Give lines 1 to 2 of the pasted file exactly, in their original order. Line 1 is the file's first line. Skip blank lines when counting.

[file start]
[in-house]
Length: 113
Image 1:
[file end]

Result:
[in-house]
Length: 113